Israeli start-up Redefine Meat has announced that it has solved the mystery of juiciness in plant-based beef and lamb production. 3D-printed vegan meats are available for use in restaurants in Europe and Israel. Dishes prepared with 3D-printed vegan meats are planned to be sold first at Marco Pierre White’s steakhouses and Indian restaurant Brigadiers in the UK, Michelin starred resraurant Ron Gastrobar in the Netherlands and Facil in Germany.
Producing the first 3D-printed plant-based steak in 2018, Redefine Meat can produce 10 kg of plant-based meat per hour. Targeting the fibrous texture of real meat, the company uses soy and pea protein, chickpea, beetroot, yeast, and coconut oil in production. Redefine Meat which has partnered with food flavoring company Givaudan, claims to have solved the mystery of meat juiciness in its latest work. The company, which produces minced beef and pork as well as beef and lamb, is now preparing to offer these products to restaurants in Europe and Israel. Dishes prepared with 3D-printed vegan meats will be served to guests at Marco Pierre White’s steakhouses and Indian restaurant Brigadier in the UK, Ron Gastrobar in the Netherlands, and Facil in Germany.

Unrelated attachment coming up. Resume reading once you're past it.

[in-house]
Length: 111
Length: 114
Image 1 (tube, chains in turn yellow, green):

The plant-based protein market is growing in the world. It is expanding the investments of multinational food companies such as Nestlé in this field. Beyond Meat in the US is notable for its plant-based burgers. Novameat of Spain and Aleph Farms of Israel are other start-ups working on 3D printed food. Eshchar Ben-Shitrit, CEO of Redefine Meat, says global meat consumption needs to be reduced to help with environmental problems like deforestation, “Most of the crops produced go to animal feed. We have a genuine solution that today, not in 2030, preserves all the culinary aspects of meat we know and love, but eliminates cattle as a means of production.”